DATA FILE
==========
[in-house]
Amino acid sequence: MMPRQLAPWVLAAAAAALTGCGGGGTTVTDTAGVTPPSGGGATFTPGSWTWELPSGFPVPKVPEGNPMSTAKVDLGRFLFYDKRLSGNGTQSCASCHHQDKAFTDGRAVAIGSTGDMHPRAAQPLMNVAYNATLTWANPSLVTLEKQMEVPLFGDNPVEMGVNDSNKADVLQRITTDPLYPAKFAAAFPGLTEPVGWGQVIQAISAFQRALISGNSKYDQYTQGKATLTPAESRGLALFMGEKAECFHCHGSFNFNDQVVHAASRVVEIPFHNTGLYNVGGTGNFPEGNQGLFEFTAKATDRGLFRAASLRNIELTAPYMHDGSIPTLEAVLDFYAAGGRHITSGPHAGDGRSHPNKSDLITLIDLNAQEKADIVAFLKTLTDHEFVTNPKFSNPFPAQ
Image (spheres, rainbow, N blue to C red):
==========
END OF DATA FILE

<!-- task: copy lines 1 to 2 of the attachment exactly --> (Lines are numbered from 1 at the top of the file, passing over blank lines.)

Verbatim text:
[in-house]
Amino acid sequence: MMPRQLAPWVLAAAAAALTGCGGGGTTVTDTAGVTPPSGGGATFTPGSWTWELPSGFPVPKVPEGNPMSTAKVDLGRFLFYDKRLSGNGTQSCASCHHQDKAFTDGRAVAIGSTGDMHPRAAQPLMNVAYNATLTWANPSLVTLEKQMEVPLFGDNPVEMGVNDSNKADVLQRITTDPLYPAKFAAAFPGLTEPVGWGQVIQAISAFQRALISGNSKYDQYTQGKATLTPAESRGLALFMGEKAECFHCHGSFNFNDQVVHAASRVVEIPFHNTGLYNVGGTGNFPEGNQGLFEFTAKATDRGLFRAASLRNIELTAPYMHDGSIPTLEAVLDFYAAGGRHITSGPHAGDGRSHPNKSDLITLIDLNAQEKADIVAFLKTLTDHEFVTNPKFSNPFPAQ